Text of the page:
I’m a simple man. I prefer to keep things as effortless and manageable as possible. I don’t need much, and I don’t ask for much either. Comfort has always been my top priority.
I’ve carried this philosophy over with me to the world of gaming for almost fifteen years now. As you might expect, that means I’ve primarily been a console gamer for my entire game-playing existence.
I started out with the likes of Donkey Kong Country and Final Fantasy VI (or III, whatever) on the Super Nintendo, my four-year-old little hands capable enough to comprehend the simple button inputs and controller-to-TV setup. The Nintendo 64 brought Star Wars: Rogue Squadron and WWF No Mercy. The PlayStation gave me Ape Escape and Metal Gear Solid. The PS2, Grand Theft Auto 3 and Shadow of the Colossus. The Dreamcast, Shenmue and Crazy Taxi. On and on it would go, and on and on I would buy, enjoying the simplicity and gradual technical advancements as each system trotted out, rose, and fell.
Something’s changed. The comfortable console cycles of the past few decades have grown increasingly stale to me these days. The big games have grown more uniform, the gimmicky peripherals have needlessly expanded, and the overall luster of yesteryear has largely faded. It’s getting too comfortable. I’m getting bored.
As I wait for this prolonged generation to die its slow death, and as I continue to be uncertain or, in some cases, unimpressed by what future consoles may bring, I find myself with an urge to expand, to undertake a new venture, and to do something different.
I think I’m ready to be a PC gamer.
Don’t get me wrong: I’ve played plenty of PC games over the years. Those have mostly been the big ones, though: the World of Warcrafts and Half-Life 2s of the world, alongside old classics like Deus Ex and The Sims. But my rig has always been poor, and as a result there’s been so much that I’ve missed out on. Today, I think I’m ready to make up for lost time.
I think it’s that pretense of “extra effort” that’s always turned me off. To me, it’s always seemed like becoming a PC gamer required that body-and-soul dedication that consoles just don’t require. There needs to be hours upon hours of meticulous research and careful preparation. What processor should I go for? What’s the difference between all these graphics cards? What if I end up having a system that can’t always play games at their highest quality? Would that even matter? What if I can’t transition smoothly to the mouse and keyboard setup? Do I really want to spend more time on the computer than I already do? Your body needs to be ready, in other words.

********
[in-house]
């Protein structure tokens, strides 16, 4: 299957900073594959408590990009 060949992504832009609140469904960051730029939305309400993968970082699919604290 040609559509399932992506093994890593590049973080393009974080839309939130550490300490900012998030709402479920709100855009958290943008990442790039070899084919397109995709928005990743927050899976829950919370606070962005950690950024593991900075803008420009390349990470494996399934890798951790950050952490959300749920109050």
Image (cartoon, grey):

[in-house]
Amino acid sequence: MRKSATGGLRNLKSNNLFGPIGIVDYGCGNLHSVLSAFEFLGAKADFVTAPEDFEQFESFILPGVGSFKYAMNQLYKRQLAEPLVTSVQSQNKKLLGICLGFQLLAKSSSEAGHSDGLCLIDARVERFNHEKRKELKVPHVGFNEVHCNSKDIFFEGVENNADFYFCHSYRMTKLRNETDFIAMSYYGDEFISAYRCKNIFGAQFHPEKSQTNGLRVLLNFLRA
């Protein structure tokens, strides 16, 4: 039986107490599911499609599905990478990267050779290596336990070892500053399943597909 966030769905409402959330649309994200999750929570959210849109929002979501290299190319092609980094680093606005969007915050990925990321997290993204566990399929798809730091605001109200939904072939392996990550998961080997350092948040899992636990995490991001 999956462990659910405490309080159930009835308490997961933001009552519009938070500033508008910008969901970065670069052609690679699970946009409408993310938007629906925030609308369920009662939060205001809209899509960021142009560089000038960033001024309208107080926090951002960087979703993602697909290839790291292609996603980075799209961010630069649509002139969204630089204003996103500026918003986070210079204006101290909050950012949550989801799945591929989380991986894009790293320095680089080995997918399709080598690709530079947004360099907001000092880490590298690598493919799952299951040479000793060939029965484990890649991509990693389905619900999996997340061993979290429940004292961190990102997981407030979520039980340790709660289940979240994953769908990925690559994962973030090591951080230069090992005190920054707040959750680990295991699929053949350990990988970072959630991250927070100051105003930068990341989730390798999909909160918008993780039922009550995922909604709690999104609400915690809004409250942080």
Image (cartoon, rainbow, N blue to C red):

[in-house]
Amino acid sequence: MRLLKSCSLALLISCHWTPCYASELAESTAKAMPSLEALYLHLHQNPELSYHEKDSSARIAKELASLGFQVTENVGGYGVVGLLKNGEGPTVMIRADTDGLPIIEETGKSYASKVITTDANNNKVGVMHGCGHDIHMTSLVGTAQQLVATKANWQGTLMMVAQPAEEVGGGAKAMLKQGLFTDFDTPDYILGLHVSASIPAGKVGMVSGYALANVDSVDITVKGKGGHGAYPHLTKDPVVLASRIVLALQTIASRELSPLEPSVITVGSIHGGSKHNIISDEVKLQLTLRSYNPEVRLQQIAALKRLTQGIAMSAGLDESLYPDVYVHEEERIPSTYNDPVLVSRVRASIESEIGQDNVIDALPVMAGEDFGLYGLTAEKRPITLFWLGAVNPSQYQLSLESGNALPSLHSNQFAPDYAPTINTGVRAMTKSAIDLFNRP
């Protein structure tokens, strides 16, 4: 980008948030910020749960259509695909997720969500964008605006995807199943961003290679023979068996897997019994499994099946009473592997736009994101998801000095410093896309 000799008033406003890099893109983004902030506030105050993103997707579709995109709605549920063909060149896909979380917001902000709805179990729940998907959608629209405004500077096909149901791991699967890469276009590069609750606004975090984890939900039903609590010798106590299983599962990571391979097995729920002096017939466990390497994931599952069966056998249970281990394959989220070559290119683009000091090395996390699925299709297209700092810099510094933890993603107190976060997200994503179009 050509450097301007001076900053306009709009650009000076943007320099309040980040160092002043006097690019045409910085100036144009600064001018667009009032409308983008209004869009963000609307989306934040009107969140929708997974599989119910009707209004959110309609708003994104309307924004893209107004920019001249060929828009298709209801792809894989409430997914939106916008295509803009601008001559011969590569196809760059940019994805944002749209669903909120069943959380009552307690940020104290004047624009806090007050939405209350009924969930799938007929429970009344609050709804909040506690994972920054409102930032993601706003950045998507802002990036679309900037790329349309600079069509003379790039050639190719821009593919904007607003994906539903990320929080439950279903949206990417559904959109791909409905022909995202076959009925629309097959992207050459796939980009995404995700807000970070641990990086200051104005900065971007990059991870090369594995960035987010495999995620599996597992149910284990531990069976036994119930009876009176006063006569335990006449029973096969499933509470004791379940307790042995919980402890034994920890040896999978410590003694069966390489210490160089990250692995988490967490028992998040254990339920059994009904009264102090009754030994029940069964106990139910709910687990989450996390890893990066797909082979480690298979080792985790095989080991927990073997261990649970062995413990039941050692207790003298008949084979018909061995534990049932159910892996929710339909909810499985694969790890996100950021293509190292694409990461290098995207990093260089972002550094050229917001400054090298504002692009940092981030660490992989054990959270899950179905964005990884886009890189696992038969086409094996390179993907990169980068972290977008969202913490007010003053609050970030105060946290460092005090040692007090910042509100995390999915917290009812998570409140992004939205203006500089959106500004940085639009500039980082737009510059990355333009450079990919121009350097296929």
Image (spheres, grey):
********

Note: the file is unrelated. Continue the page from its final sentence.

And so does your wallet. The common refrain has always been “PC gaming will save you money,” but the prospect of dropping around $1000 to put together a relatively future-proof rig certainly doesn’t make it seem that way. The potential for constant necessary upgrades to my computer’s specs only added to that fear.
But once I take a step back, I realize it’s time to take the plunge. PC game sales are abundant all over the Internet, and since the price of a standard PC game is still $10 cheaper than your average console game, that massive short-term investment may just be worth it. It’s not like there’ll be any subscription fees or yearly “premium service” payments anyway. I see user loyalty to places like Steam and GOG that’s off-the-charts positive, and then I wonder why the same doesn’t apply those who use the PlayStation Store or Xbox Marketplace. I want to find out why this is for myself.
Over the past few weeks, I’ve been researching how to build my own personal powerhouse. It’s gotten addicting. As I continue to swim in a sea of letters, numbers, and technical specifications, I find myself learning about a section of the gaming realm I should’ve gotten to know better long ago. I feel like I’m consuming new information at a rapid pace. It’s exciting to get on a new level of comprehension.
More than anything else, though, I’m ready for the games. My PS3 and 360 have served me well this generation, but I think I’m ready to dump cover shooters, derivative platformers, and more cover shooters. A few years back I should’ve been playing Minecraft, Braid, and StarCraft 2. Today I should be hooked on Guild Wars 2, FTL, and Hotline Miami. There’s a variety of quality and honest-to-goodness original titles out there, both AAA and independent, that are just waiting to be played. As someone who calls himself a “gamer,” I just can’t justify ignoring this interactive feast any longer.
I also can’t ignore the future. When I look at the PC gaming landscape, I see a continued mixture of technical prowess, continued creativity, and, in a strange twist of fate, comforting stability. There’s a reason industry authorities like Cliff Bleszinski say things such as “Next-gen is here. It’s a high-end PC,” after all.
Consoles are changing. I’m not being an industry sage when I predict that the Wii U, PS4, and next Xbox will continue to not be entirely focused on games; they’ll be entertainment hubs, just as worried about your TV viewing and Internet browsing habits as they are about your headshot and melee skills.
With PCs, though, they’ll always be that relative sense of familiarity. They’ve been playing the same way for years now, only getting more and more advanced along the way. In a weird way, PCs now look to be the system of choice for “simple men” like me.
Maybe this shift has been brewing for a while. Maybe I just need a new “comfort,” a new place to call home. Maybe. I don’t know yet. I’m just going to give it a try.
Date: November 2, 2012
*The views expressed within this article are solely the opinion of the author and do not express the views held by Cheat Code Central.*